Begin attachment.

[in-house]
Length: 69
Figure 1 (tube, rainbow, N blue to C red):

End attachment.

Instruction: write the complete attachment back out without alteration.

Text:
[in-house]
Length: 69
Figure 1 (tube, rainbow, N blue to C red):